How do car companies know what the world will want in five, 20, even 50 years’ time? If they’re Ford, they ask Sheryl Connelly, the Blue Oval’s head of trends and futuring. It’s Connelly’s job to figure out how the automotive landscape will change before it’s even thought about changing, to predict what the next big shift will be in the world of cars.
A Michigan native who’s been at Ford for nearly 20 years, Connelly was last year named one of the most influential creatives in the world. So can she actually see into the future? And which horse should we back in next year’s Grand National? Top Gear caught up for a chat…
TG: So what does a futurist do?
SC: A futurist does not predict the future. It takes at least three years to bring a vehicle to market, so even if we were to come up with an ingenious idea today, it would still take about 36 months for the rubber to hit the road. So, every day within Ford, we have the task of trying to understand what the world’s going to look like three years out. Henry Ford said, “If I asked people what they wanted, they would have said ‘a faster horse’.” If you ask people what you could do to make their life easier three years from now, most people couldn’t answer that question for three weeks, three days from now.
We’re trying to imagine a future yet to be imagined. I help advance the conversation by teeing up global trends in five different categories – social, technological, economic, environmental and political. While we recognise we can’t predict the future, we believe those forces are the things that will shape the landscape going forward.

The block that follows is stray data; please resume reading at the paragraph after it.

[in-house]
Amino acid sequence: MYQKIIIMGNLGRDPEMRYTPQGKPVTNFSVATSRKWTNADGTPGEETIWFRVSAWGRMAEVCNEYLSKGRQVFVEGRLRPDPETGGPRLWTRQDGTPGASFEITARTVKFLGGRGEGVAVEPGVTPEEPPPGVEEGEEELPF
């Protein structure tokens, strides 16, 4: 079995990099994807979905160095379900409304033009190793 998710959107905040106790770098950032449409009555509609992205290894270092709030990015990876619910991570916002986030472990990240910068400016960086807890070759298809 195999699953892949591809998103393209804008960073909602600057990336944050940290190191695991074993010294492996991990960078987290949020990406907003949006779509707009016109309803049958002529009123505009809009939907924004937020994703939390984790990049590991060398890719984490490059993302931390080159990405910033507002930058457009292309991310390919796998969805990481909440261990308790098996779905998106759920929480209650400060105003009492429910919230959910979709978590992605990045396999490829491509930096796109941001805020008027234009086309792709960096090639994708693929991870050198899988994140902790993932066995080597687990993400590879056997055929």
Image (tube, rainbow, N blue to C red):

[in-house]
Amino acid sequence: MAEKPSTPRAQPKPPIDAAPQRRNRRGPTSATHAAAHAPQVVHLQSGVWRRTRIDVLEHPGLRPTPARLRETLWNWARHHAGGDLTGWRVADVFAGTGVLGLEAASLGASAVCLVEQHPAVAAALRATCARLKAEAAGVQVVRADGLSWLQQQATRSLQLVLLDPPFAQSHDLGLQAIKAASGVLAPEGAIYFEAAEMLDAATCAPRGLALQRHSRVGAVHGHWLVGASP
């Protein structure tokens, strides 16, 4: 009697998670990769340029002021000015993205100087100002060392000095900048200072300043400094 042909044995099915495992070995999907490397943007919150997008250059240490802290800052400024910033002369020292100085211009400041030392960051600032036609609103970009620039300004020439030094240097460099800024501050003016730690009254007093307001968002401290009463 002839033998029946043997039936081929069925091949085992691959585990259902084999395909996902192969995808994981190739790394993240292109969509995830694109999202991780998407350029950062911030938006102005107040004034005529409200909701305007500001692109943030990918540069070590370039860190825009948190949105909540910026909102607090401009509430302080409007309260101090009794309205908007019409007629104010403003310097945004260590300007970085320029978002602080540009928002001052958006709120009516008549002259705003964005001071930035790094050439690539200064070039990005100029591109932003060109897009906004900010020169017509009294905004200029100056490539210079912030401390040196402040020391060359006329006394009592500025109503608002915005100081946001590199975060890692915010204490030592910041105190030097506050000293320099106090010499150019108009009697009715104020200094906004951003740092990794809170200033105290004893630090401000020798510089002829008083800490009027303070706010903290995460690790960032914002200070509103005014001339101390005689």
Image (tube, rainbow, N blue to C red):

TG: How does that work?
SC: What I’m ultimately looking for are patterns, things that keep repeating themselves. One of the trends I’m looking at is demographics – where the population is growing, how that will shape. One of the ones we’re looking at is ageing populations.
There are seven billion people in the world, and during our collective lifetimes that number will easily reach nine, 10, maybe even 11 billion people. But in the advanced economies of Western Europe, and North America, the populations are actually shrinking because they’re having fewer children. That means our population is ageing rapidly.
TG: And what does that mean for cars?
SC: It starts to tell you about where the market’s going to be. When you think about an ageing population, there are physiological factors – reduced response time, impaired vision, limited range of motion. So our designers and engineers spend a crazy amount of time trying to analyse and anticipate those situations. We have a full-body suit engineers put on that mimics the effect of ageing, and makes it difficult for you to lift your legs and knees, turn your neck. They’ll put on goggles that are cloudy and scratched to mimic the effect of glaucoma. So a healthy 30-year-old engineer can step into the suit and feel what it’s like to live in the body of an 80-year-old.
Many of the technologies that have come from the insights of this information are on vehicles today. It’s why we have a reverse sensing system that warns you when there’s something behind your bumper. But we want these features to resonate whether you’re 70 or 17.
TG: Is that possible?